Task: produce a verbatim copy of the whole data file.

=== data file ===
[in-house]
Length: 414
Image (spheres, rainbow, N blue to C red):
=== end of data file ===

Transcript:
[in-house]
Length: 414
Image (spheres, rainbow, N blue to C red):